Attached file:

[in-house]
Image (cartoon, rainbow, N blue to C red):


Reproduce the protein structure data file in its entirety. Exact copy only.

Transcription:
[in-house]
Image (cartoon, rainbow, N blue to C red):